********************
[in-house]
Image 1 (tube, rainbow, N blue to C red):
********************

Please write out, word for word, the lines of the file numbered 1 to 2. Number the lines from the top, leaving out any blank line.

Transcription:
[in-house]
Image 1 (tube, rainbow, N blue to C red):